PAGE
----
Scots had to work very hard to beat a willing, but mostly out-muscled, Joeys by 34 to 26.
Joeys scored some great long range tries, but their defence in close will need some attention.
Scots looked a bit disorganised at times and missed several scoring opportunities. But they maintained good composure when behind and did just enough to be leading at the full-time whistle.
Joeys knocked on their first two possessions. Scots capitalised with a try within two minutes to Mossman (15) off an inside pass from Harris (8). Conv missed.
Some brutal early Scots defence had Joeys rattled but it didn’t take them long to re-organise.
Play centred between the two 22s for the next 10 minutes before Joeys 13, Dan O’Brien, crashed over following some good lead-up work by backs and forwards. With the extras, Joeys lead 7 – 5.
Scots wrestled back control of the game and then the scoreboard after Savala (10) brushed aside Gibbs (J10) from a scrum 10 metres out. The kick was good. 12 – 7 to Scots.
Scots continued to dominate and the next five pointer went to Strang (9) to take the score to 17 – 7.
With two minutes remaining before half-time, Scots missed two potential tries – a dropped last pass and ‘white line fever’ the instigators.
Joeys were still well and truly in the game, but execution had been patchy and they’d struggled to contain Scots offloads.
Half-time score: Scots 17 – 7 Joeys
Joeys started the second half very willing. Scolari (J11) made a great break down the left flank and raced 50m to score a classic winger’s try near the corner. 17 – 12.
This was followed by another top individual effort, with Murray (J9) running 35m to dot down under the sticks. 19 – 17. Joeys in front. Anything could have happened from here.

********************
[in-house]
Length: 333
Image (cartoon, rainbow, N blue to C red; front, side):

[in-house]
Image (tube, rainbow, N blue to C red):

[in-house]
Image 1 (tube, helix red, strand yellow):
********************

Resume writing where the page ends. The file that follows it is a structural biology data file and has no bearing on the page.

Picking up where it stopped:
Down but not out, Scots made their way into the Joeys 22, but failed to score from at least three scrum feeds with the line beckoning.
Scots seemed a little unstructured. Almost like they were looking for someone to step up and make the big play. And then it happended. Jeremy Williams (5) grabbed the ball from the base of a maul and changed up the field to score. 22 – 19 Scots way.
In true Joeys style, they were quick to respond. Howse (4) ran into a huge gap and galloped away to score a converted try. Joeys were now back in front 26 – 22.
Then it was Willliams again. He scored another try, similar to his first. But this time the conversion was successful and Scots took the lead 29 – 26.
For the last five minutes, the game swung frantically from one end to the other.
Joeys had their chances, but didn’t take them. They kicked away too much possession. A try to Gavin (S4) in the final minute sealed the result.
Full-time score: Scots 34 – 26 Joeys
Joeys could easily have won and should feel confident they are in with a shot at the premiership. If they can improve on their defence and hold on to the ball more, they are a serious competition threat.
The Scots win confirmed they are probably warm favourites for claiming their sixth straight. But Scots are definitely beatable and every game from here will be like a grand final.
Joeys – Howse (4), Scolari (11) and O’Brien (13)/Creagh (!2)
Scots – Williams (5), Harris* (8) and Strang* (9)